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Different between LST and LST 2?

Guest Tube747

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The original AR-LST ("Laboratory Standard Transducer") was introduced in late 1971 as AR’s attempt to offer a quantifiable, repeatable, accurate acoustic reproducing device, suitable for use in recording studios and other applications where known, verifiable accuracy was required.

Since ferro fluid-cooled tweeters did not yet exist in 1971, AR used multiple (4 ea.) 3/4" tweeters and 1 1/2" midranges to achieve the high levels of power-handling needed for its intended application. AR also had a design goal of achieving a virtually flat acoustic power response over a 180-degree solid angle (hemisphere) when the speaker was mounted very close to the wall behind it. They considered the radiation patterns of the MF and HF radiators and then calculated the angles of the cabinet side panels to minimize any interference/cancellation between those drivers, while being able to achieve the wide MF/HF dispersion needed.

The LST was perhaps the most breathtakingly accurate speaker ever devised up until that time in the history of consumer electronics, and is still more than remarkable even by today’s standards. The reviews in Stereo Review, Audio, and High Fidelity were amazing. High Fidelity summed it up when they said of the LST’s name that the speaker "could lay claim to such an auspicious title with complete authority."

The LST used a 6-position autotransformer spectral balance control that kept the midrange level unchanged, while raising or lowering the tweeter/woofer balance in 1 dB steps relative to the midrange. Position 1 had a slightly elevated tweeter level with a slightly lower woofer level; 2 was nominally flat; 3 thru 6 progressively raised the woofer by 1 dB and lowered the tweeter section by 1 dB. According to AR, positions 5 and 6 approximated the balance of the AR-3a with its controls set to ‘normal.’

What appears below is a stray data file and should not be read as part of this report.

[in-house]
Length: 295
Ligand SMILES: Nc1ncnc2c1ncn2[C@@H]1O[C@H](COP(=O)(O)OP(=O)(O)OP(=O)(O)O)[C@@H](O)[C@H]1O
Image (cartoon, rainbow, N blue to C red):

The speaker was an unexpected commercial success at its (very high for 1971) price of $600 ea. As with most companies, AR tried to capitalize on the original LST’s success by coming out with a second model.

The LST-2, introduced in March 1974, used a 10 " woofer instead of the LST’s 12," and 3 ea. of the mids and tweeters instead of 4 ea. (Interestingly, the LST-2 used a midrange and tweeter in the forward-facing front panel, while the LST had all four of its midranges on the angled side panels with just two tweeters and the 12" woofer on the front panel. The forward-facing mid of the LST-2 gave that speaker a very slightly more "forward" character than the LST.)

The other major difference was that the LST-2 had a 3-position autotransformer instead of a 6-position control. The LST-2 had a retail price of $400 ea.

I used the LST-2 for almost 10 years as my main speakers and found them to be quite excellent—neutral, room-filling, and very easy to listen to.

Steve F.

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Guest Tube747

Dear Steve,

Thank you very much for the valuable information!! I read somewhere from this forum, it says that LST is very hard to drive, and having a tuffy impedance down to one ohm load (minimum).

So is this speakers suitable for solid state or tube amplifier? Do you know the sensitivity of the LST? Actually, what is the nominal and minimum impedance of the LST?

Don't you think 50 watts tube or solid state amplifier capable to drive the LST?

Rumour has it that the AR9 is a better loudspeakers against the LST, is that really true?

Thanks Again!

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